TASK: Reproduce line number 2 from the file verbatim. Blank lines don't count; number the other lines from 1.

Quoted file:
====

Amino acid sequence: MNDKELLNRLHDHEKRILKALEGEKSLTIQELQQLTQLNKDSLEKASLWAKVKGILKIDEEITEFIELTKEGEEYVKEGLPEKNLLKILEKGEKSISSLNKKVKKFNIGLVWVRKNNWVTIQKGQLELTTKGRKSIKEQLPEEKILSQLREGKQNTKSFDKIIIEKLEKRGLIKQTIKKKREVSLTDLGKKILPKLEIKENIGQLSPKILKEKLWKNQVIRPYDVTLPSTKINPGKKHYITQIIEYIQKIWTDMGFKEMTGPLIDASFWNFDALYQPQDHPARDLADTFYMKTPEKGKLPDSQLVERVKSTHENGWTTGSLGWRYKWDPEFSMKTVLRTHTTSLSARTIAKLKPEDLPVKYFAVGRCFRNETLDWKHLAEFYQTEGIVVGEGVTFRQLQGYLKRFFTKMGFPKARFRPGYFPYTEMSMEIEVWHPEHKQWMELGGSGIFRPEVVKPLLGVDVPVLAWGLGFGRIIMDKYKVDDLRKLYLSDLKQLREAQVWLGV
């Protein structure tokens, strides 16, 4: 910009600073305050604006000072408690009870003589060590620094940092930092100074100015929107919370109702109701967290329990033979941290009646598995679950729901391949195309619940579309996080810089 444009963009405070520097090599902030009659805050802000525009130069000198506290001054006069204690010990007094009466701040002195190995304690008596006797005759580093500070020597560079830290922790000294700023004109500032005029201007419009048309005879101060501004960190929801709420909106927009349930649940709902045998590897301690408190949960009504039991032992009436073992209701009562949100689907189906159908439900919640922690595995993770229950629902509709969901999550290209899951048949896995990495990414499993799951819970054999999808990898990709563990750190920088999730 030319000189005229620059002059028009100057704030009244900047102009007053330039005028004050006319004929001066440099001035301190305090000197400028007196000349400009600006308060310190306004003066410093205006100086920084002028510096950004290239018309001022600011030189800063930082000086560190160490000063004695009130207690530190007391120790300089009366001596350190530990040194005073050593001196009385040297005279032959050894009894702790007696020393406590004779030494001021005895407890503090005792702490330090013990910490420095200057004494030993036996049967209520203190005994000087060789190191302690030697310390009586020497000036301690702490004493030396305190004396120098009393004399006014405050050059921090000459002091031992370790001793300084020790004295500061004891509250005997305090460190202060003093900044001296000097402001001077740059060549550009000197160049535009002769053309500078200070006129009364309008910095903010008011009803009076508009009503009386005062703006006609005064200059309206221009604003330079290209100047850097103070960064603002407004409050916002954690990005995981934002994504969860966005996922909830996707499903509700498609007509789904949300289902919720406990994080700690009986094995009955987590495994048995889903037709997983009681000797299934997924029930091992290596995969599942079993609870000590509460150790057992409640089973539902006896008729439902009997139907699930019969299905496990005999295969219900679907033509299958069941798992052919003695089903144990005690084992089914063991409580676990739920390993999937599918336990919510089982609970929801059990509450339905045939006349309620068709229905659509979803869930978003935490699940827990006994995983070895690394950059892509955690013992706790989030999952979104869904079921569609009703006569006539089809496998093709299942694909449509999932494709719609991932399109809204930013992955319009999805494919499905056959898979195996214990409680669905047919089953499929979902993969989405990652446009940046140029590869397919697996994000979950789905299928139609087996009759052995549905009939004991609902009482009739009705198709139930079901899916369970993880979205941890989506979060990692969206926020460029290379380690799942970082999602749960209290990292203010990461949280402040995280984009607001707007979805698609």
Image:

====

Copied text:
């Protein structure tokens, strides 16, 4: 910009600073305050604006000072408690009870003589060590620094940092930092100074100015929107919370109702109701967290329990033979941290009646598995679950729901391949195309619940579309996080810089 444009963009405070520097090599902030009659805050802000525009130069000198506290001054006069204690010990007094009466701040002195190995304690008596006797005759580093500070020597560079830290922790000294700023004109500032005029201007419009048309005879101060501004960190929801709420909106927009349930649940709902045998590897301690408190949960009504039991032992009436073992209701009562949100689907189906159908439900919640922690595995993770229950629902509709969901999550290209899951048949896995990495990414499993799951819970054999999808990898990709563990750190920088999730 030319000189005229620059002059028009100057704030009244900047102009007053330039005028004050006319004929001066440099001035301190305090000197400028007196000349400009600006308060310190306004003066410093205006100086920084002028510096950004290239018309001022600011030189800063930082000086560190160490000063004695009130207690530190007391120790300089009366001596350190530990040194005073050593001196009385040297005279032959050894009894702790007696020393406590004779030494001021005895407890503090005792702490330090013990910490420095200057004494030993036996049967209520203190005994000087060789190191302690030697310390009586020497000036301690702490004493030396305190004396120098009393004399006014405050050059921090000459002091031992370790001793300084020790004295500061004891509250005997305090460190202060003093900044001296000097402001001077740059060549550009000197160049535009002769053309500078200070006129009364309008910095903010008011009803009076508009009503009386005062703006006609005064200059309206221009604003330079290209100047850097103070960064603002407004409050916002954690990005995981934002994504969860966005996922909830996707499903509700498609007509789904949300289902919720406990994080700690009986094995009955987590495994048995889903037709997983009681000797299934997924029930091992290596995969599942079993609870000590509460150790057992409640089973539902006896008729439902009997139907699930019969299905496990005999295969219900679907033509299958069941798992052919003695089903144990005690084992089914063991409580676990739920390993999937599918336990919510089982609970929801059990509450339905045939006349309620068709229905659509979803869930978003935490699940827990006994995983070895690394950059892509955690013992706790989030999952979104869904079921569609009703006569006539089809496998093709299942694909449509999932494709719609991932399109809204930013992955319009999805494919499905056959898979195996214990409680669905047919089953499929979902993969989405990652446009940046140029590869397919697996994000979950789905299928139609087996009759052995549905009939004991609902009482009739009705198709139930079901899916369970993880979205941890989506979060990692969206926020460029290379380690799942970082999602749960209290990292203010990461949280402040995280984009607001707007979805698609």